T he Penny Project

The effects of  
on "The Moss"
"A remarkable place between Airdrie & Coatbridge"

Part 1

The Railways

In the early 1800's, "The Moss" was a peaceful farming area on the extreme edge of the towns of Airdrie and Coatbridge. The industrial revolution was starting to make an impact. Both towns would be in at the birth of both the railways and the manufacture of iron and steel and the spread of mining activities. "The Moss" would play a large part in these events and would suffer enormous upheaval.

The Railways
In 1826 the first Scottish railway, the Monkland and Kirkintilloch Railway ran from Monklands coalfields to Kirkintilloch. In 1827 a branch line was opened to Kipps. It was said that the first locomotive on this line was driven by the now famous George Stephenson and was named after him.

In 1828 the Ballochney Railway Company introduced a horse drawn train capable of pulling 2 or 3 passenger wagons. The original station at Leaend in Garden Square was moved in 1844 to Hallcraig after a branch line was laid to Commonhead. In 1831 the Garnkirk - Glasgow line opened for traffic. A locomotive would bring the carriages for Airdrie to Gartsherrie Station where they were detached and drawn from that point to Leaend by horses.
Around this time, travellers from Glasgow to Airdrie used to prefer to alight at Coatbridge and walk over "The Moss" via Leaend, rather than travelling on to Commonhead Station. The reason being that, the latter part of the journey was accomplished by the engine being dragged up the incline with a rope attached to a steam winch at Commonhead. This took a certain amount of time and passengers were also aware of the danger if the rope should break.

A later feature of the Ballochney Railway was the two self-acting inclined planes, which were about 1000 yards long and were located between Kipps and Rawyards. These were known as the Ballochney Inclines and they were both very steep with each having an incline of around 1 in 23. The inclines were double tracked and each was worked by means of a rope, one end was attached to the ascending train and the other to the descending train.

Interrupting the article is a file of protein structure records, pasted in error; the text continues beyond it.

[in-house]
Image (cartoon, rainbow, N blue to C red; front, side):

The rope passed around a pulley wheel at the top of each incline. The descending train had to be heavier than the ascending train in order to achieve sufficient momentum to pull the ascending train up the hill. The long rope was supported by rollers placed between the rails every 20 feet or so.
On that part of the line a "dandy–cart" was used. The dandy-cart was coupled behind a length of loaded wagons, which descended, by gravity and the horse travelled as a passenger downhill. The horse would then return up the hill with empty wagons.

Typical Dandy Cart as used by

The traffic flow on the Ballochney was suited to such an arrangement. Most of the descending traffic was wagons loaded with coal or ironstone for Kipps while ascending traffic was mostly empty wagons.
Rope breakage did happen in the early days and it was known for mineral trains and empty wagons to finish up in a heap of wreckage. At least one passenger train finished up this way.

Ballochney Incline - Looking from Airdrienote the 4 chimneys of the Northburn Steelworks

 Go to part 2 of - The effects of  INDUSTRIAL REVOLUTION

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